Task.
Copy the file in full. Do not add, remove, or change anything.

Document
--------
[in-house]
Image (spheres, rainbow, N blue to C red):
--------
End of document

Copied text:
[in-house]
Image (spheres, rainbow, N blue to C red):